Warsop Satation was the local civil engineering offic for British Rail (Eastern0 and looked after the railway from Shirebrook to High Marnham and to the sidings near Clipstone. Mansfield itself came under the Midlands area.

I was made assistant to the timekeeper helping him in the office and was also taken out on trips with the Permanent Way Engineer on site inspections and along the railways tracks which was interesting

I worked Monday to Friday 7.30 till 4pm

In 1983 there were not the amount of benefits there are are now but there was also the urge to want to work

There was no minimum wage either

Re: Ambulance call outs to Sports Direct

PostPosted: Sat Oct 10, 2015 6:39 pm
by Caz
Westmorland wrote:I remember at the age of 18 I was sent on a Youth Opportunities Scheme due to the high unemployment and the YOP scheme paid £25 a week whereby unemployment benefit was about £30, although I was getting £5 a week less I didn't complain as I was learning and working

Warsop Satation was the local civil engineering offic for British Rail (Eastern0 and looked after the railway from Shirebrook to High Marnham and to the sidings near Clipstone. Mansfield itself came under the Midlands area.

I was made assistant to the timekeeper helping him in the office and was also taken out on trips with the Permanent Way Engineer on site inspections and along the railways tracks which was interesting

I worked Monday to Friday 7.30 till 4pm

In 1983 there were not the amount of benefits there are are now but there was also the urge to want to work

There was no minimum wage either

Precisely! At least you got work experience and something to put on your CV. Also, prospective employers could see that you were willing to work. That's got to be worth more than a fiver a week and is certainly worth more than doing absolutely nothing with your life and sponging off the taxpayer! But that's the difference between people who want to work and people who don't.

The benefits system makes it too easy for people not to work.

Re: Ambulance call outs to Sports Direct

PostPosted: Sun Oct 11, 2015 11:48 am
by BigAl
It really dose not make that much of a difference when you get to our age though.
I have worked all my life, pit, military, driving etc etc. Never been unemployed and claimed the benefit because i always found work. Might not have been what i wanted but it was there so i took it, couldn't afford not to.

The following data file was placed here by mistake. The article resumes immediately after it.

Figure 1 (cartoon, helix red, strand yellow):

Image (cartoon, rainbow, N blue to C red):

Can you see that happening nowadays, :lol:

Re: Ambulance call outs to Sports Direct

PostPosted: Sun Oct 11, 2015 6:19 pm
by Caz
Yes, me too Al.

I've had some stop gap jobs in my time and some that I wouldn't have considered, yet ended up liking. I'd have never taken the job I'm doing now if the agency I was with hadn't sent me there for a week. The company asked me to stay on and I liked it, so I did and I've been there nearly three years. :)

Re: Ambulance call outs to Sports Direct

PostPosted: Thu Dec 10, 2015 4:55 pm
by Little Ol' Me

Re: Ambulance call outs to Sports Direct

PostPosted: Thu Dec 10, 2015 9:48 pm
by Caz
Same old, same old, so there's no point commenting really. They just keep going over the same thing. These things happen in other workplaces but Sports Direct bears the brunt because it's a big concern. I really wouldn't blame them if they closed down and took all their business overseas.

Re: Ambulance call outs to Sports Direct

PostPosted: Fri Dec 11, 2015 4:39 pm
by Wizard
Little Ol' Me wrote:No-one rushing to the defence of "The Empire" this time then?

http://www.theguardian.com/business/2015/dec/09/sports-direct-staff-shirebrook-strikes-policy-sick-leave

Nothing to defend really is there?

As Caz says, same old same old.

What I would suggest before you try to start a silly debate, is that you read the silly "story" in full.

I can't be bothered to go over it all again, but I have copied and pasted excerpts from the item.

One local primary school headteacher said: “Yesterday one of our students was poorly, but they had come into school. The mum works at Sports Direct but had to go to work as she is on a zero hours contract and can’t get any more work. We wanted to give the child medicine, but we couldn’t get hold of the mum to get consent. These are the sorts of things that happen quite frequently. God forbid that a child had a serious accident, because we wouldn’t be able to get hold of the parents. We would have to call the police to go into the warehouse.”
Now any decent parent would make alternative arrangements for their childs welfare for when the parent is at work. Is that Sports Directs fault because the parent failed to carry out a basic duty of care for their own child???? Not really is it !!